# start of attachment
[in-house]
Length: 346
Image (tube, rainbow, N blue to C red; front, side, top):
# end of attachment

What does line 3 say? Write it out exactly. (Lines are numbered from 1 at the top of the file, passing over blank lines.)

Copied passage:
Image (tube, rainbow, N blue to C red; front, side, top):